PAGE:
Date of Award
Doctor of Philosophy (PhD)
Civil and Environmental Engineering
W. David Constant
The microscopic phenomena which occur at the alkaline-water/crude-oil interface greatly affect the potential for success of the alkaline water flooding process. The propensity of crude oils to emulsify and the ability of the oil to coalesce improves the chance for successful oil bank formation and leads to better recovery efficiency. Interfacial phenomena are affected by interfacial rheological properties and interfacial tensions. This research investigates the interfacial behavior of alkaline-water/crude-oil systems in three parts. In part one, a new method and apparatus are designed for the measurement of interfacial shear viscosity (IFSV). The method is applied to study the effect of oil composition and alcohol augmentation on the IFSV and to correlate IFSV with recovery efficiency. A phenolic, non-surfactant fraction is found to severely increase the oil IFSV. Alkalinity of the water can increase or reduce the oil/water IFSV. Small, polar molecules are shown to affect interfacial structures reducing the IFSV in some cases and increasing it in others. In alcohol augmentation, a developed correlation shows that the alcohol that yields the lowest IFSV results in the best recovery. Part two comprises an investigation of the transient interfacial tensions in the system. The effect of crude oil composition, temperature, and oil viscosity on the IFT transients is determined. It is found that stability of the transients can be diffusion dependent, and that the nature of the acid fraction in the crude is responsible for the rate of loss of acid to the water. In part three the interfacial phenomena are observed microvisually in cryolite porous media. The predominant emulsification mechanism is stringing of oil due to low IFT and flow of the water and subsequent breakup of the strings into emulsion droplets. A chronological description is developed describing the events which lead to alkaline flooding oil recovery. The research improves the understanding of the phenomena which lead to alkaline flooding oil mobilization and displacement and enhances the capacity for future research of interfacial phenomena. The techniques employed will lead to improved screening tests for designing alkaline floods.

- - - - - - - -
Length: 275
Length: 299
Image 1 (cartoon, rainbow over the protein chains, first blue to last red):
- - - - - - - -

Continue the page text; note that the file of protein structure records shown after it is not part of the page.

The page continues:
Cambridge, Vivien Johan, "Effects of Crude Oil Composition and Alcohol Augmentation on Transient Interfacial Phenomena in Alkaline-Water/Crude-Oil Systems." (1987). LSU Historical Dissertations and Theses. 4437.